Even if you think I'm too negative about this team and its management and future, that quote should give you a season's worth of pause. If it doesn't, you have something seriously wrong with you.
4. A look at the Friars
Last week in this space I promised that I would provide a brief scouting report of Providence College from my first viewing in a few months. Jon Gillies had been playing exceptionally well after a bout of subpar hockey following World Juniors, and Mark Jankowski seemed to have turned things around and had been producing at a very respectable rate.
I can say now, that having watched them play UNH in the Hockey East semifinals, that I have nothing good to report. Put simply, the Wildcats bossed the Friars around basically from front to back and went on to win 3-1. The Friars had just five shots In the first period, conceded three goals in the second, and only mounted a comeback when the game was, for all intents and purposes, over.
Of the three goals UNH scored, you could really only say one was in no way Gillies' fault, as it was a point shot that hit a defenseman's knee and went in far-side. That happens. The other two were garbage goals scored on wraparounds on which Gillies, shall we say, did not acquit himself well. The first was a shortie on which Kevin Goumas blew the doors off a defenseman and went around the net, and Gillies overcommitted to the shot attempt from the near side and couldn't get over. The second, he just quit on the play as the seconds wound down in the period and didn't even really seem to realize another Goumas wraparound was being attempted, until it was too late. You can see all the goals in this video. They're not pretty:
As far as Jankowski goes, I'm not sure what happened to the guy who was playing extremely well at both ends of the ice. He was on the ice for the first and second goal against, and on the latter he wasn't covering anyone in particular. He also finished the game with just one shot on goal. I would categorize him as being largely, umm, ineffective. But not outright bad. Again, this was a team overwhelmed by a club with a far more talented top line.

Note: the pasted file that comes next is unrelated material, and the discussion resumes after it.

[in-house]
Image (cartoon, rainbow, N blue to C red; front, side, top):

John Gilmour, like Jankowski, finished minus-2 and with a single shot on goal.
The good news is this team's season isn't done, as it qualified for an at-large NCAA tournament bid, and will face Quinnipiac on Friday night. You'll recall Quinnipiac as the team against which Jankowski went without even a single shot attempt in late November (and against which Gillies was ho-humly fabulous in earning a 3-all draw that his team in no way deserved). It will be interesting to see what happens this time around, with one hell of a lot more at stake.
5. More Gaudreau-type stuff
Johnny Gadureau's Boston College Eagles are also in the NCAA tournament, obviously, as the top seed in their regional, and they play on Saturday.
But before all that, the will-he/won't-he drama about turning pro at the end of the season continues to swirl. In a New York Times piece that ran yesterday, Gaudreau made it seem like he might not sign after all. The money line, in the sixth paragraph from the bottom, reads thus:
“Gaudreau’s mother would like to see her son finish college and graduate, and he said his mother usually prevailed in these kinds of things.”
I dunno. Calgary's almost certainly going to throw silly bonus money and a chance to make the big club out of camp at him and he really does have nothing left to prove in college hockey. The thing people have been saying a lot is that this signing, or not signing, might lean somewhat on whether BC wins a national title this year (a thing I do not expect it to do). The thinking is that the chances he stays in school for a final year increase significantly if they crash out again.
I'm not sure I buy it.